In going so far, Jesus doesn't actually agree with any of the schools of rabbis. In fact, he goes back to the beginning, to the ideal of marriage as expressed in Genesis 2, where it says that the man and wife become one flesh, or, as C. S. Lewis put it, one organism. They are to regard one another has their other half. That is the underlying principle. But because they are not literally one body, what binds them is marriage as a covenant, an exchange of promises, with responsibilities and expectations on both sides. That made it a powerful metaphor for our relationship with God, one that should not be abandoned, and especially not for reasons less serious than betrayal and unfaithfulness.
Furthermore, Jesus says the exception granted by Moses was a concession, not a commandment. Our focus should be on preserving the principle, not
looking for loopholes.
That said, there is one other reason permitted for divorce in the New Testament. In 1st Corinthians chapter 7, Paul quotes Jesus on the matter of divorce but adds a practical consideration. If an unbeliever leaves his or her Christian spouse, then the believer is no longer bound to the person who left. But aside from adultery or desertion, we have no other grounds for divorce in the New Testament.
What about today? Our state of Florida grants no-fault divorces. Otherwise, the grounds for divorce here are either that the marriage is irretrievably broken or mental incapacity of one of the parties. My wife, for many years a paralegal, doesn't remember ever filling out divorce papers that didn't say that the marriage is irretrievably broken. It's a legal catch-all. It can include everything from no longer being in love to physical abuse.
However, this does point to an important principle. What does one do if a marriage is so broken that it does not function as one anymore? If the promises exchanged are going unfulfilled, the responsibilities and expectations agreed to are unmet, if it is no longer mirroring the love of God, can it still be called a marriage? If you car was so completely broken down that it will never move again on its own power, it can hardly be called a vehicle. Paul points out if one person simply isn't going to stay in the marriage, it is functionally over and the other person can hardly be bound to him or her. Again, this could be seen as a concession to hardness of heart, not a commandment. It could also be considered a mercy.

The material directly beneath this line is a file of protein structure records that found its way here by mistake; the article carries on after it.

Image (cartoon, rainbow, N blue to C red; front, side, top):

Let's switch the metaphor. If the two are to become one organism, what does one do if one part of the organism isn't doing its part to protect and nourish and support the growth of the whole, such as in kidney failure? What if, as in abuse, one part of the organism is actively attacking or destroying the other, like a cancer? As C. S. Lewis points out, some churches say that in such circumstances surgery is permitted to separate the two parts of the organism while other churches say that the operation is too dangerous to allow. But all churches see divorce as akin to an amputation, a necessary evil at times, but never simply a neutral option.
As a child of divorce, I can identify with those who say that there is a need for divorce as a desperate measure for desperate situations, rather like a fire axe behind glass, to be used only in a real emergency. But we should never enter into marriage as if there was an free introductory period or a no-obligation "unsubscribe" option. The way to reduce divorces is not to make them harder but to raise, in the eyes of the world, the standards for getting and living married. And it will have to be done by Christians. The secular world only values families in so far as they offer tangible benefits, as a target group for unique consumer goods, as a stabilizing influence on society, as socializing influence on children, as an engine of wealth. So the break up of a family is no more a tragedy than the breakup of a company. After all, many segments of society benefit from divorce. It produces more work for lawyers, more individuals seeking to rent or buy housing, more goods bought to replace those the other partner keeps, more trips to the grocery store, more gifts spent to win the children to your side, more money spent at bars, restaurants and movies seeking new mates, etc.
Only those who understand the spiritual significance of marriage can show that it is more than a cultural custom built up around pair bonding and child rearing. Only we can demonstrate the deeper meaning, the sacramental way in which image of the God who is love is found in human beings coming together, uniting body, mind and spirit in love. We can't do it by focusing on the faulty marriages of others, by pointing out the splinter in the eyes of others while walking around with a log in our own. We can only do this by choosing partners wisely and by loving them faithfully and sacrificially, not selfishly. Jesus said that the world will know we are Christians by our love. It's starts at home, with the person whose bad jokes and bad habits and bad odors you know only too well. When you can see and serve Christ in that person, the world will take notice and desire what you have and another seed of the Gospel will be planted.